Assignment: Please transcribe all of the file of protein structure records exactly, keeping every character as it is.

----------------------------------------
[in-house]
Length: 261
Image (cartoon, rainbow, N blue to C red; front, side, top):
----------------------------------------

[in-house]
Length: 261
Image (cartoon, rainbow, N blue to C red; front, side, top):